On May 29, 2012, Stanford University Medical Center issued the following press release: Antioxidant shows promise as treatment for certain features of autism. The release noted that "a specific antioxidant supplement may be an effective therapy for some features of autism, according to a pilot trial'that involved 31 children...the findings must be confirmed in a larger trial before NAC can be recommended for children with autism."
In response, Steven Novella of the Science Based Medicine blog asks, "If this is a pilot study only and we should not base any firm conclusions on the results, then why the press release?" He believes the answer lies in the way the scientific community now disseminates its findings. Gone are the days when studies were published first in journals that were read largely only by other experts in the field then presented at scientific meetings where their findings were hashed out in conversations that happened mostly in isolation from the public.' Steven describes how the internet has increased our access to preliminary findings and health care information, which he believes is generally a good thing, but he cautions:
'The scientific community has to realize, however, that as a consequence of this, the conversation that scientists used to largely have with each other is now happening more in the public eye. In medicine this means that patients are reading preliminary studies and making health care decisions based upon the findings."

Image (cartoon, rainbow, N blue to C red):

Novella argues against releasing press releases for preliminary pilot studies because he believes they are a disservice to the public, can lead to misinformation and confusion, and can erode people's trust in the scientific community.
This practice is also problematic given media's pressure to appease public aversion to uncertainty. As CFAH President Jessie Gruman writes in Our Preference in Health News: Uncertainty or Naked Ladies?, preliminary data may snowball into recommendations on which people base their health care decisions. Gruman urges, 'We need accurate health news. And coverage is inaccurate when it omits discussion of the limitations of a finding, for example, or when it stretches to personalize the conclusions of a study in the interest of satisfying our appetite for certainty about the effectiveness of a drug.